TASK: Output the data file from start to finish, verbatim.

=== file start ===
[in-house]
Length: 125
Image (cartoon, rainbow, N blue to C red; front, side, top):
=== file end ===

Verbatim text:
[in-house]
Length: 125
Image (cartoon, rainbow, N blue to C red; front, side, top):